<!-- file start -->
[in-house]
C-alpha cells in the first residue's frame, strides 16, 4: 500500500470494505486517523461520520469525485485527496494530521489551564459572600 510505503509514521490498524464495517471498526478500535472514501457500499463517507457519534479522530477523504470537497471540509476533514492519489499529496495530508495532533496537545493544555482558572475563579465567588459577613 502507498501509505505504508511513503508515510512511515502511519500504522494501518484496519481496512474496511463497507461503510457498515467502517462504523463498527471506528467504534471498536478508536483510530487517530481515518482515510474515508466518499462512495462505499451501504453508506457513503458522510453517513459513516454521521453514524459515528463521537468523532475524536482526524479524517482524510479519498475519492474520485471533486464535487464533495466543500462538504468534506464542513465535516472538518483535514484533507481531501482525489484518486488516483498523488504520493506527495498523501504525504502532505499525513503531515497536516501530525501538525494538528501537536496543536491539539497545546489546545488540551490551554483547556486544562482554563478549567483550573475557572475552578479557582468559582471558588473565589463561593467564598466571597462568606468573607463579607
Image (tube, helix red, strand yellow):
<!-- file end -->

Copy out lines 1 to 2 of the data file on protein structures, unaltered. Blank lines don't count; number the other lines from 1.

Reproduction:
[in-house]
C-alpha cells in the first residue's frame, strides 16, 4: 500500500470494505486517523461520520469525485485527496494530521489551564459572600 510505503509514521490498524464495517471498526478500535472514501457500499463517507457519534479522530477523504470537497471540509476533514492519489499529496495530508495532533496537545493544555482558572475563579465567588459577613 502507498501509505505504508511513503508515510512511515502511519500504522494501518484496519481496512474496511463497507461503510457498515467502517462504523463498527471506528467504534471498536478508536483510530487517530481515518482515510474515508466518499462512495462505499451501504453508506457513503458522510453517513459513516454521521453514524459515528463521537468523532475524536482526524479524517482524510479519498475519492474520485471533486464535487464533495466543500462538504468534506464542513465535516472538518483535514484533507481531501482525489484518486488516483498523488504520493506527495498523501504525504502532505499525513503531515497536516501530525501538525494538528501537536496543536491539539497545546489546545488540551490551554483547556486544562482554563478549567483550573475557572475552578479557582468559582471558588473565589463561593467564598466571597462568606468573607463579607